Bicycle Crunches: How To Do, Are They Good,…

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You can work the muscles around your waist with many exercises. Find out how to do bicycle crunches and whether you should.

Bicycle crunches are a variation of regular crunches where you move your shoulders sideways and “cycle” with your feet in the air.

This movement will typically work your obliques in a dynamic way and your abs in a static way. Additionally, your hip flexors have to work a certain amount too.

The result of this is that bicycle crunches can be great for growing and strengthening certain oblique muscles and good for improving ab muscle endurance.

It is worth mentioning that some people will need extra weights to make the movement challenging enough for these goals.

Additionally, if you are interested in growing and strengthening your abs, the regular crunch is likely a better choice.

How to do a bicycle crunch

It can be worth investing in something like a yoga mat if you plan to do bicycle crunches and other floor exercises often. This will make your workouts more comfortable in a good way.

That being said, take the following steps to do a bicycle crunch:

  1. Lie down on your back and keep your hips and knees at 90-degree angles. Loosely hold your hands against the sides of your head.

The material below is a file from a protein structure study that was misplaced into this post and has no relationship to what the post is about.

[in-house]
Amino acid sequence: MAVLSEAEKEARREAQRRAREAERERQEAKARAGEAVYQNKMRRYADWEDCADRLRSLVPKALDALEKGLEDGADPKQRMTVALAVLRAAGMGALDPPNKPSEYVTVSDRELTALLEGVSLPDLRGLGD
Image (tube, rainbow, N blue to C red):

2. Raise your shoulders off the ground and push your lower back against the ground.
  3. Reach with one elbow to the knee of the opposite side. At the same time, move this knee to the elbow. Additionally, stretch out your other leg to stay balanced.
  4. Bring your arms and legs back to the position of step two and repeat the same movement with the other elbow first.
  5. Alternate between steps 3 and 4.
How to do a bicycle crunch

A common mistake is that people really pull their heads when doing bicycle crunches. This is not necessary and uncomfortable so likely something you want to avoid.

Theoretically, you could really lower and raise your shoulders after each repetition to work your abs more.

However, this makes the bicycle crunches very clunky.

Muscles worked with bicycle crunches

The main muscles worked with bicycle crunches are your obliques and abs. Your hip flexor (front hip) and quadricep (front thighs) muscles have to work to some extent too to move your legs.

An interesting aspect of bicycle crunches is that they work your obliques actively and abs more passively (aka in an isometric way).

This is relevant because more active exercises tend to be more effective for muscle growth.

Additionally, this makes it so that how many bicycle crunches you should do depends a lot on what muscles you want to work.

Bicycle crunches are mostly effective for growing and strengthening your oblique muscles.

For growth, you would want to do around 3 to 6 sets of 6 to 25 (and even 50) bicycle crunches (per side) with resistance that makes these ranges challenging.

More advanced lifters may need to hold crunch workout equipment like a pair of dumbbells to make this happen.

Bicycle crunches benefits

You can definitely say bicycle crunches offer a few benefits. Especially if you approach them in smart ways. Some of the most important upsides include:

  1. Stronger muscles: Bicycle crunches can help you grow and strengthen your obliques and abs which in turn, offers many secondary benefits.